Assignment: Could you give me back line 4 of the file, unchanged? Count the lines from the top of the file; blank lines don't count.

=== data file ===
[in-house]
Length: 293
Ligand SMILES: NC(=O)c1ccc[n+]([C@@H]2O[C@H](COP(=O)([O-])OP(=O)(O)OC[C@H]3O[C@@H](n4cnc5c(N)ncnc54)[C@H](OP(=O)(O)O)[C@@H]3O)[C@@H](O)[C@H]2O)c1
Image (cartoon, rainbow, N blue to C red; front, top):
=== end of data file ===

Image (cartoon, rainbow, N blue to C red; front, top):